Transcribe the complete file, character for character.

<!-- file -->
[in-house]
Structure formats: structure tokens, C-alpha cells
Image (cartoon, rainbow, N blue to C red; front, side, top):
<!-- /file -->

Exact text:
[in-house]
Structure formats: structure tokens, C-alpha cells
Image (cartoon, rainbow, N blue to C red; front, side, top):